The price of privilege – how to bring the cost down

Sept. 1, 2015

Diaspora is the term that refers to a large population moving away from their homeland, often without choice.

Many migrant Africans will relate to this term, and for these people remittance plays an important role of commitment, and unconditional love for their family, some of whom they may never have met. Remittances thus bind generations of families across native and new countries. Over the course of 2014, it has been estimated that Uganda received just under $1 billion in remittance payments, which is nearly 18 times more than the total international humanitarian assistance the country received in the previous year. For a country where despite significant progress poverty afflicts around one third of people, remittance can quite literally be a lifeline. This goes to show how these strong connections within a family can be a lifeline to those in need many miles away.

There are a myriad of reasons why someone decides to send their money to a home they may never have been, and the consequences have been just as varied. For many, the commitment is born out of religious and familial tradition, whereas for others it is simply a matter of obligation, due to the sometimes extreme circumstances that their families live in.

For these reasons, it is a shame that there is such a tight choke-hold on the flow of money to Africa from remitting relatives. In 2012, the 6 most expensive corridors for money transfer were all within Africa and the top 3 all originating from South Africa, peaking at 23%. Security checks, armoured vehicles and currency exchanges are some of the factors that the big money transfer operators use to justify their exorbitant rates across Africa. However, unlike in other continents, companies like Western Union reportedly sign deals with banks to ensure exclusivity, allowing them to shore up the prices significantly in the absence of competition. For example, monopolistic market dominance in Rwanda and Mali gives the operator a shocking 79% of the market. It is no wonder that each year millions of dollars are taken away in fees from remitting families trying to support their own relatives in the most poverty-stricken countries in Sub-Saharan Africa. A previous blog piece gave an insight on the ways that the fight against poverty could be considerably assisted if remittance fees in Africa were lowered to the G8 target.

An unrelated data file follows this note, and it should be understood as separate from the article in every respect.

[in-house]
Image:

Despite this, technology may be a big step forward in lower remittance fees, as more mobile money companies rapidly emerge in the market. New digital companies increase the level of competition by simply entering the playing field, but many also focus on mobile phone money transfers. As a result, not only do the charges drop as the number of companies rise, but the actual process of sending and receiving money is made much simpler, overcoming some of the physical barriers mentioned above. Now, there is no need to pay the charges for armoured vehicles with companies like WorldRemit or M-Pesa. In fact, the presence of these mobile transfer companies has led to more people having mobile money accounts, rather than traditional bank accounts, with the majority of adult Kenyans owning an M-Pesa account. Due to developing partnerships between network providers, the rise in mobile money exchanges can slash inter-country transfer fees from 20% to 3% within Africa. For many migrants, these projects will let them breathe a little easier knowing that they are able to send more money to their relatives who need it. As importantly, they bring stability to economies by reducing the volatilities of household inomes.

For some people, sending money home is a necessity; for others it is a case of moral obligation. Many migrants consider remittance as an inherited value that can be a matter of choice. These people would even call it a privilege to be in such a position that they can help care for their elders, spouses, children, cousins, nieces and nephews; and with developing African countries stepping up to digital money exchanges, they may be able to help more than they ever thought.


Anshuman Sinha, TrasferGuru Research

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